Market Commentary – December 7, 2020

Kevin Jock

7th December 2020

    Asia fails to build on momentum from last week’s vaccine and U.S. stimulus induced rally that edged Wall Street to fresh highs on Friday close. Indices retreated into negative territory on open with Australia lower by 17 points overshadowed by rising Chinese trade tensions. Government forecaster Abares expects agricultural exports to decline 7% in 2021 hitting a 5-year low.  Meanwhile, the Hang Seng tumbled 2% following reports that the White House will sanction another dozen Beijing officials over their coordination in expelling opposition legislators in Hong Kong’s parliament. The Nikkei did not fare any better, slipping 1.2% after hitting a 29-year high last week. Concerns have risen over a weekend report depicting the Bank of the Japan as the largest owner of Japanese shares at $434bn, followed by the nation’s public pension fund.

    European benchmarks rallied on Friday on the back of oil companies. A sigh of relief as OPEC+JMMC members agreed to a compromise in making small piecemeal increases in oil production starting January instead of a complete resumption. Signs that one of the biggest obstacles to a post-Brexit deal moving towards a resolution saw the FTSE surge to 10-month highs. Britain is willing to offer a 3-year access agreement with EU fishermen to operate in U.K waters, though the catch volume remain in discussion. Monday session though, saw overnight futures slide 20 points as talks deteriorated on Sunday. Irish Prime Minister noted “it’s a 50-50 right now” with the new source of disagreement being future regulation governing EU and UK businesses to ensure a level playing field.


Figure 1 (Source: IS Prime): USDCNH Daily: Investors brave rising geopolitical tension in search of higher yield in China sees the yuan’s continual rise.

    Elsewhere, the U.S. dollar regained ground among majors following a week of depreciation from risk-on sentiment. American macroeconomic performance has been lackluster as seen in Friday’s jobless numbers spurring investors to seek yield elsewhere. Among exotics, investors continue to favour the Mexican Peso and Chinese Yuan as both each respective currency keeps breaking new highs. The former at an 8-month high, whilst the later at a 2.5-year high. Momentum from OPEC saw crude oil briefly hit $46.50, whilst Bitcoin oscillates around 19,000.

    For the week ahead, the BOC expected to stand pat on Wednesday, whilst the ECB has indicated they will add another 500bn to emergency asset purchases. The EU summit starts Thursday and ends Friday where leaders intended to approve the next budget alongside the 1.8tn recovery package. And finally the U.K. will administer its first Pfizer vaccine dose on Thursday.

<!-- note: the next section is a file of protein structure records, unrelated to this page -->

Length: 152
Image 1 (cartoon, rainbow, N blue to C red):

Headliner to Review

  • In Canada, Employment Change dropped from 83,600 to 62,100, which was better than the expectation of 22,000 increase. The unemployment rate dropped significantly from 8.9% to 8.5%. Trade Balance remained at -3.8 billion.
  • In US, the employment situation improved. Unemployment Rate dropped from 6.9% to 6.7%. Non-Farm Employment Change dropped from 610,000 to 245,000. Average Hourly Earnings m/m increased from 0.1% to 0.3%. Trade Balance dropped slightly from -62.1 billion to 63.1 billion. The economic data shows that the labor market is recovering from the pandemic downturn, but it is still far away from a full recovery.
  • Construction PMI in UK increased 53.1 to 54.7, which was far better than the expectation of 52.3. The PMI reading above 50 show most firms are expanding. Housebuilding saw the most widespread growth in trade.
  • Australia’s Payments System Board has resumed its periodic Review of Retail Payments Regulation. Lowe from RBA said, “The board’s preliminary view is that the BNPL operators in Australia have not yet reached the point where it is clear that the costs arising from the no-surcharge rule outweigh the potential benefits in terms of innovation,”

Headliner to Watch

  • All eyes on the U.S. today. A bi-partisan group of Senators are expected to bring to the floor a 900bn stimulus package with early signs that both President Trump and Majority leader McConnell has agreed upon.

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Antony Tan
Ben Li
Kevin Jock